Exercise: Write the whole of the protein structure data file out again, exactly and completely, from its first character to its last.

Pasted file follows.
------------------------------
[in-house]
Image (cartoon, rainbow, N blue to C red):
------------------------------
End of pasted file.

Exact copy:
[in-house]
Image (cartoon, rainbow, N blue to C red):